When Co-founder quits, what happens to the vested equity?


I'm a co-founder of a startup, and I've been working on it for almost 3 years. The vesting term is 1-year cliff and 1/48 per month. So now I have vested 15%, and 5% not yet vested.

I need to quit the team due to personal reasons. What should happen to my vested shares? I'd like to keep them, but my co-founders want to re-purchase at $0.01 per share ($1600 value in total). Can I refuse the re-purchase option and keep all my equities?

Equity Vesting

asked Feb 27 '12 at 01:53
18 points
Get up to $750K in working capital to finance your business: Clarify Capital Business Loans
  • speaking to a lawyer might get you better answers, if you are in US talk to Scott Edward Walker. Email him, and he will give you an opinion from the legal side of things. Won't charge you either. – Bhargav Patel 12 years ago

4 Answers


Ideally this would have been spelled out in writing as part of your original documents. Often startups will have buy-back agreements or other provisions to address this very issue.

If you have no prior agreements, and you are in fact fully vested, then the shares are yours. For them to buy them from you they would have to make an offer that is acceptable to you. If you want to keep them that is your right.

answered Feb 27 '12 at 06:17
Jonny Boats
4,848 points


Of course you can keep them - that is what "vesting" means.

I would respond with the following if I were in your position:

  1. Ask the co-founders if I could buy their shares for $.01 each. If they don't agree then ask them why it is fair that yours be sold for that much.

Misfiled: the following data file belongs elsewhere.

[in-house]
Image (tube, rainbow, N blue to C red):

2. Make a reasonable counter offer - one that would make you happy.

They could dilute your shares when you are gone - so figure out your response to that.

You will likely get nothing out of it.

It is probably good you are getting out given that

  1. your shares are worth $1600 after 3 years
  2. your co-founders treat you like that
answered Feb 27 '12 at 10:27
Tim J
8,346 points


If these are options, then you would need to exercise the options.

If this is actual stock, then you own it and are under no obligation to sell it or forfeit it (barring any odd restrictions or requirements in your employment agreement).

answered Feb 27 '12 at 11:07
Brian Karas
3,407 points


Is the re-purchase of shares an obligation under the grant agreement or any other shareholders agreement that you entered into with your co-founders. Please check that. Also, is the price offered for your vested shares the current market value? You should not be willing to accept less than the market value for your shares, unless you have specifically agreed otherwise or the price of your shares is tied to your exit from the company.

answered Feb 27 '12 at 16:25
Ms. Vidyut
46 points
  • "market value" is what someone will pay. And I bet the co-founders are the only buyers - so that IS market value, by definition. But unless there is a requirement/contract like you say, he does no have to sell. – Tim J 12 years ago

Your Answer

  • Bold
  • Italic
  • • Bullets
  • 1. Numbers
  • Quote
Not the answer you're looking for? Ask your own question or browse other questions in these topics:

Equity Vesting